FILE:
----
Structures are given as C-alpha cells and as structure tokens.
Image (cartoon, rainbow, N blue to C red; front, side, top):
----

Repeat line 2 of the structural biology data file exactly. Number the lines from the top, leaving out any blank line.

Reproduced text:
Image (cartoon, rainbow, N blue to C red; front, side, top):